1. Drive relevance. People won’t watch videos about how healthcare works because they don’t trust the processes behind the industry as a whole. They’re more likely to watch videos — or download PDFs, listen to podcasts and otherwise consume content — about the benefits they’re receiving. That’s what affects them. We also need to put those benefits in context, comparing them with other plans both in the U.S. and abroad, and make that information engaging and digestible.
  2. Package for impact. People want to make their own benefits decisions, but the process is complicated and confusing. Netflix offers choice without overwhelming its users, by incorporating data to automate the early part of the search (the hardest part) and allow consumers to select from a range of prescreened options. As an industry, we must simplify the user experience by leveraging intuitive technology to create holistic benefits packages that are easy to understand.
  3. Prioritize everyday value. Right now, many healthcare options only step in when patients get hurt or seriously ill. We need to incorporate technology to make maintenance easier. Telemedicine and concierge services can eliminate many of the unnecessary barriers between consumers and care without breaking the bank.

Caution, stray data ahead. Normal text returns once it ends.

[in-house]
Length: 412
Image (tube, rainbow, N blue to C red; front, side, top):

4. Create intuitive interfaces. People expect real-time feedback, iterative updates and responsive mobile experiences, yet the industry today largely lacks these things. Providers and insurers should shed the paper-based status quo and bring the simplicity of the 21st century into healthcare with customizable apps.
  5. Offer easy payments. Part of the appeal of subscriptions like Uber and Netflix is not having to pull out the credit card with every use. Healthcare needs to combine payroll deductions, copays, deductibles and co-insurance in a simple, single-payment system so people know when and where their money goes.
  6. Open the data. The data to help families become more educated and live healthier lives is out there — but it’s siloed. Data exchanges can incorporate products that address multiple facets of health and wellness, streamlining existing data to create not only savvier healthcare consumers, but also healthier, wealthier families.
It’s time for the healthcare industry to make life easier on the patients it serves. By taking on more of the information burden and improving communications, healthcare insurers and providers can give patients clearer options and easier access to the care they need.